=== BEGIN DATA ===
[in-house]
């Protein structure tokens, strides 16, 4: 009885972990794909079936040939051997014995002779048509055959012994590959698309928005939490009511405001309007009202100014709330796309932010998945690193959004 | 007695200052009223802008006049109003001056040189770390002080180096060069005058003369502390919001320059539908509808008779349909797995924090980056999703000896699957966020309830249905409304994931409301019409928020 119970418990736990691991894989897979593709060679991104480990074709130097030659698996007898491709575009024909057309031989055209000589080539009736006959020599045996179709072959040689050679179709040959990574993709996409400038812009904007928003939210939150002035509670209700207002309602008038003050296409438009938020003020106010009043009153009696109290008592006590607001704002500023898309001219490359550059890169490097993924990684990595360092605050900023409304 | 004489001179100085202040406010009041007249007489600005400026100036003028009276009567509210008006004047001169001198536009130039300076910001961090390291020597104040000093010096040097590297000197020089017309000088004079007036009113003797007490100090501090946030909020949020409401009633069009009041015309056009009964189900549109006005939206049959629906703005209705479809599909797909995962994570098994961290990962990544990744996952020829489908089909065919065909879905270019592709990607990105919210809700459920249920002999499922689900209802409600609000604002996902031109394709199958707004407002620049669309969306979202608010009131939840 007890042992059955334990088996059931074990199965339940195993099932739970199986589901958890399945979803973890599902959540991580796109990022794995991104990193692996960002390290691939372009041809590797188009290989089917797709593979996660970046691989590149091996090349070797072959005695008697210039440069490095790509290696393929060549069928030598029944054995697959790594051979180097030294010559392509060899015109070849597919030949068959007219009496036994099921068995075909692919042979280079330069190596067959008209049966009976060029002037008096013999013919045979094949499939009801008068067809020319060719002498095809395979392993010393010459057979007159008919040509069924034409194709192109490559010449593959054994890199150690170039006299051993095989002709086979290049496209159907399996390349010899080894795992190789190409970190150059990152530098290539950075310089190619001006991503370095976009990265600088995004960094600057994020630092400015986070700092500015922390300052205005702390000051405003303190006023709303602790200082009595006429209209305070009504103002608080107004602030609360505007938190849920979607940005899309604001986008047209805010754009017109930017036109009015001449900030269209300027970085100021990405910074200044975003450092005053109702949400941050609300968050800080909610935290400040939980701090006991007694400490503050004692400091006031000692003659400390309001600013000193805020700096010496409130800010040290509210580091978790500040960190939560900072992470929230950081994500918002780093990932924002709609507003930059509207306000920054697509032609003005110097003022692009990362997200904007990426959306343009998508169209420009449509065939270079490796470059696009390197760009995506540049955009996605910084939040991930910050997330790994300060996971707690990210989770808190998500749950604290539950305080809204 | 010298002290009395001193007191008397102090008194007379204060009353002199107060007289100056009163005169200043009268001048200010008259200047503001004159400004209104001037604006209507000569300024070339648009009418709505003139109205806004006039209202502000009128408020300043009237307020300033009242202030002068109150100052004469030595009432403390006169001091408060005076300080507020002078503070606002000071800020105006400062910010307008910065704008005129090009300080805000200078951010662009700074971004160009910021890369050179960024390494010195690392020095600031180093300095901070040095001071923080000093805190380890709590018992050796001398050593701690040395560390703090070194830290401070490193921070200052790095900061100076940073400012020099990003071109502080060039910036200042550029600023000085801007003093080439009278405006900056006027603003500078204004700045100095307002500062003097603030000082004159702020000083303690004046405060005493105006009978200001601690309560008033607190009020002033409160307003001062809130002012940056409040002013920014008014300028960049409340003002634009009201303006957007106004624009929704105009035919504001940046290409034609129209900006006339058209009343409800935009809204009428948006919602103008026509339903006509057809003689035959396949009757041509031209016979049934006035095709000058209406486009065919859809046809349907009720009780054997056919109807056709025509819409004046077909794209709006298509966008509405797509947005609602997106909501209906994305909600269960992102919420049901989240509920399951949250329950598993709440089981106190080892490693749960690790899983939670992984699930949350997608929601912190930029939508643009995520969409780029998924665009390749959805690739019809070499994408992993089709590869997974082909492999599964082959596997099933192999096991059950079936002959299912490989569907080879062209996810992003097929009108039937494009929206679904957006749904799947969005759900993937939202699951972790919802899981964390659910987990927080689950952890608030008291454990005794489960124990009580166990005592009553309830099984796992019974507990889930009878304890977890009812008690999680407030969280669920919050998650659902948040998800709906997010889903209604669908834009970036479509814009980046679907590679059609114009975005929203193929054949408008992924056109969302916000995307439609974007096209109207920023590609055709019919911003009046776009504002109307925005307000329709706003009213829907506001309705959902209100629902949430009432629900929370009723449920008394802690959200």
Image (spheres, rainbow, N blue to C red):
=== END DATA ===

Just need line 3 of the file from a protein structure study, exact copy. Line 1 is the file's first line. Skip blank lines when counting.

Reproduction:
Image (spheres, rainbow, N blue to C red):